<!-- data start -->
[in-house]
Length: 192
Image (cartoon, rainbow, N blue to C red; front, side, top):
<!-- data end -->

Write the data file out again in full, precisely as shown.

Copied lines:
[in-house]
Length: 192
Image (cartoon, rainbow, N blue to C red; front, side, top):